One more about the importance of emotion in your fundraising. This week, let’s look at images, not words.
There is no faster way into our brains than an image.
As Peter Temple explains in this post, “We don’t see words as a series of letters. We see them as pictures.”
He goes on to say that our brains read words as a series of images. We’re able to quickly (milliseconds) put them together when we read. But what we’re doing to read is hard work. We’re constantly translating. (And remember your donors aren’t going to work hard to understand you.)
Images, however, are instantly and easily read. He says that “people can remember more than 2500 images with at least 90 percent accuracy for days after initial exposure.”
“people can remember more than 2500 images with at least 90 percent accuracy for days after initial exposure.”
So, yes, pictures are powerful. But how to use them?
Why? They’re not as motivating. She cites “emotional contagion” – sad images are catching. (Lisa also links to a post from Jeff Brooks with research reported in the AMA Journal of Marketing Research. The upshot? Sad faces raise more money. Read both these posts for lots of great detail and advice). Resist the urge to show only happy pictures of your work. What you’re communicating is that the problem is solved and the donor is no longer needed. That’s not what you want to say, is it?
I used to drive colleagues crazy, reminding them that our photos needed “eyes and teeth” as Tom Ahern says. Look for photos where your subject is looking directly into the camera. Eye to eye contact, even from the page or screen, is more effective.
Eye to eye contact creates a powerful emotional response.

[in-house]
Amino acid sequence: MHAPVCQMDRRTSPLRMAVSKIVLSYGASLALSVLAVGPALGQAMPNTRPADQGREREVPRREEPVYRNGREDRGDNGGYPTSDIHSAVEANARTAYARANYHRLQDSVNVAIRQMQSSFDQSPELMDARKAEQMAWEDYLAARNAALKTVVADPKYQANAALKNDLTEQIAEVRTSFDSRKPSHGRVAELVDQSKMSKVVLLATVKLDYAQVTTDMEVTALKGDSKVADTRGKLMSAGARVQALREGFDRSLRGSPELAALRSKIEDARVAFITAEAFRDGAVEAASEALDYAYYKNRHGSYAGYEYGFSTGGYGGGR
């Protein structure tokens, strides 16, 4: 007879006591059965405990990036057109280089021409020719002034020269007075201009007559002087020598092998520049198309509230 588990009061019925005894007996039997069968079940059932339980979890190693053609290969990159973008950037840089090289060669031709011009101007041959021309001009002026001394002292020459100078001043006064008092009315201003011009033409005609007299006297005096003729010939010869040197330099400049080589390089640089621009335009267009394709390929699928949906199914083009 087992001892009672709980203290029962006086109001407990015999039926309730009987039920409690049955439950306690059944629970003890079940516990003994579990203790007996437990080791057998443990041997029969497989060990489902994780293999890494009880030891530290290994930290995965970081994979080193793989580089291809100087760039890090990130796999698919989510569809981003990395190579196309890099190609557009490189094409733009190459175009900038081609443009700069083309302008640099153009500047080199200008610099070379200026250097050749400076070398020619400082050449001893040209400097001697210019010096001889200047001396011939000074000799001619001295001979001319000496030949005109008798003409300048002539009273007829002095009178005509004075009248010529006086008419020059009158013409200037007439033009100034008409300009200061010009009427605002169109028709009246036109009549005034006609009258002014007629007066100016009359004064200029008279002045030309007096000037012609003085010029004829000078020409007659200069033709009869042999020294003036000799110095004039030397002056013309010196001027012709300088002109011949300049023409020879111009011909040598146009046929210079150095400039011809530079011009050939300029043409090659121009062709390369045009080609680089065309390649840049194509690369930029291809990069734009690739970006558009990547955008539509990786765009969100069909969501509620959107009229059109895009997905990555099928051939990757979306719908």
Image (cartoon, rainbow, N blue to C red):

Finally, some advice from Getty Images (they should know from images, right?). They’ve identified four factors that make an image powerful.
1. Authenticity is more important than perfection.
Think about this when you’re choosing your images. It’s more important that they be believable and feel real, even if the photo quality is a little lacking. Some grainy photos that might not even make it into your scrapbook have raised a lot of money. Because they feel real.
2. Cultural relevancy
Here, Getty cites those Cheerios ads featuring a mixed race family. Cheerios experienced quite a backlash. (So sad – it’s 2014, folks!). But for a larger segment of their audience, the ads made a powerful statement. Know what moves your donors and prospective donors. Don’t be afraid to take a stand.
You don’t just see the clay – you FEEL the clay.
3. Sensory currency
This one is interesting, because the same idea works with words as well. Getty mentions the desire for human contact. That urge draws us to images that show hands-on activities and professions. Words or images that stimulate our tactile senses translate well.
4. Classic storytelling archetypes
Archetypes are those classic characters that we see in stories over and over again. Getty mentions one that’s particularly important in fundraising – the hero. Just remember who the hero is – your donor. This is where a positive photo can work – show people doing what you want your donor to do. Frame the heroic work you’re displaying as an invitation for your reader to join in.
Remember, your donor gets to play the hero.